A good home is hard to find — and as the housing market gradually recovers, buyers are facing a lack of inventory.
First, the good news: US housing starts rose nearly 28 percent from February 2012 to February 2013 to a 917,000-unit annual rate, the Commerce Department announced this week. Permits for construction increased 4.6 percent to an annual rate of 946,000 units, the fastest pace since June 2008.
Also in February, employers added 48,000 construction jobs, the most since before the recession, according to a Labor Department report released earlier this month.
Developers of single-family residences are on pace to deliver 618,0000 new homes this year, the Wall Street Journal reported. At the apex of the market in January 2006, builders were on pace to create almost three times as many homes, at 1.82 million.
So why the inventory squeeze? First off, builders are struggling to meet demand, due to delays in getting permits and finding construction workers, the New York Times reported.
Confidence among US homebuilders fell this month, according to The National Association of Home Builders/Wells Fargo Housing Market Index. Concerns included the scarcity of ready-to-build land, building materials and workers relative to new-home demand. This was the second decline in builder confidence since January, which was preceded by eight consecutive monthly gains.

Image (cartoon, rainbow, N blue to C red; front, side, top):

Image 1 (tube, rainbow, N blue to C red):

Simultaneously, homeowners are reluctant to sell, either because they’re waiting for even higher prices or because they might not be able to find another home in the frantic buying market.
Baltimore real estate agent Lynn Ikle told NPR, “There’s a panic feeling out there… It’s like McDonald’s. They want to just order it, go around to the next window and pick it up.” The inventory in Baltimore is down 47 percent from last year, NPR reported.
Sacramento has seen one of the most dramatic resurgences, with median sales price rising 15 percent over the last year, according to Zillow. “In my 27 years I’ve never seen inventories this low,” Lyon Real Estate broker Kurt K. Colgan told the New York Times. “I’ve also never seen a market turn so quickly.”